call for papers, ICLC10 Theme Session on Classification of Events

Eva Schultze-Berndt schultze-berndt at LING.UNI-GRAZ.AT
Fri Oct 20 09:12:53 UTC 2006

Dear Colleagues, 

We would like to bring to your attention, and invite abstract submissions for, the
following Theme Session at the 10th International Cognitive Linguistics Conference
in Krakow, Poland, July 15-20, 2007.

Best wishes,

Eva Schultze-Berndt
Thekla Wiebusch
Bill McGregor

Topic: “Representation of Actions, States and Events in Classification Systems –
Universals and Typological Diversity''

Bill McGregor, Arhus University, Denmark; linwmg at
Eva Schultze-Berndt, Graz University, Austria; eva.schultzeberndt at
Thekla Wiebusch, CRLAO, CNRS-EHESS, Paris, France; thekla.wiebusch at

Abstracts (for a 20 min. presentation) should be no longer than 500 words (including
examples and references) and be sent as attached word or text document to Eva
Schultze-Berndt by 5th November 2006.

Proposal text:
The theme session will bring together evidence from different languages and
disciplines to shed some light on features and criteria of human categorization
manifested specifically in the classification of actions, states and events. This
domain includes a wide array of abstract notions and concepts usually associated
with verbs. Their representation in different types of classification systems has
received much less attention than “nominal” concepts such as animals, plants or
artefacts. The classification systems taken into consideration here manifest
themselves in either (spoken or signed) language or script: 
- Numeral classifier systems, for nouns and for verbs
- Closed-class verbs functioning as classifiers in complex predicates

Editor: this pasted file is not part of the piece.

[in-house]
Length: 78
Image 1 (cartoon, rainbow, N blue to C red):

- Semantic determinatives in writing systems
- Event classifiers in sign languages
The wide range of languages in which we find these classification systems allow
cross-linguistic comparison along several dimensions. At the same time, the parallel
existence of several classification systems in the same languages makes it possible
to distinguish system specific features from cognitive universals. 

Questions to be addressed in this theme session include: 
- What are basic concepts, i.e. basic actions, states or events in the different
systems and languages, and are there universals?
- What kind of domain structure do we find: e.g. prototype members, graded
membership, typical taxonomical or schematic relations between the classifying and
classified element? 
- Which basic features of actions, states or events – e.g. direction, speed, change
of state, duration, repetition, agency, tools, human sensations etc. play a role in
the different classification systems? Are they parallel to features found for living
beings or artefacts, or do they form independent categories? 
- Are there correlations between the function or syntactic features of the different
systems and semantic properties? More specifically: in languages using more than one
of the classification systems, will they show a coherent picture or systematically
system-specific characteristics? 
- To what extent can we find synchronic and diachronic variation? Are there
universal tendencies of evolution, and in this case, can they be cognitively,
culturally or linguistically motivated?

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